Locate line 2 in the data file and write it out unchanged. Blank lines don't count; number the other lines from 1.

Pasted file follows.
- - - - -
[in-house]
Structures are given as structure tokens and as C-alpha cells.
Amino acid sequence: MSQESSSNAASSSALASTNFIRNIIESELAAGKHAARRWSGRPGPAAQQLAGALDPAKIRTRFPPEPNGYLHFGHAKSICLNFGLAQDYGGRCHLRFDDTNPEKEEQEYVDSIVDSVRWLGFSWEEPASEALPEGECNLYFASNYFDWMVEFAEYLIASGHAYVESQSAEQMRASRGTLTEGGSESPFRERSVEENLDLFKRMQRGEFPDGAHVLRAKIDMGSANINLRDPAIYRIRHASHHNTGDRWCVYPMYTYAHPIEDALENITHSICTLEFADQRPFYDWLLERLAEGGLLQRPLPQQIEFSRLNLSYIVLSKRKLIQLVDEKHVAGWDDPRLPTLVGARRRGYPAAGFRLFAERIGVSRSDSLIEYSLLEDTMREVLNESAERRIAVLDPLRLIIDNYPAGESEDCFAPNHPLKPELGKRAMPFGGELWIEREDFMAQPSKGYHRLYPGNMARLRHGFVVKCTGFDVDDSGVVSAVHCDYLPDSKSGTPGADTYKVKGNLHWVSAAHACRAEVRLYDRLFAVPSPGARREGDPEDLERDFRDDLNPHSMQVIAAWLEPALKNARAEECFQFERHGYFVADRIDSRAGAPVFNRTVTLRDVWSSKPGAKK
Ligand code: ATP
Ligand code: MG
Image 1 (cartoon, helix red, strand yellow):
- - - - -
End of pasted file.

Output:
Structures are given as structure tokens and as C-alpha cells.